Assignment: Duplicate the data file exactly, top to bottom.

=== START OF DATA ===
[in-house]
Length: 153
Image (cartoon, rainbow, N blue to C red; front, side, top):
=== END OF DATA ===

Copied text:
[in-house]
Length: 153
Image (cartoon, rainbow, N blue to C red; front, side, top):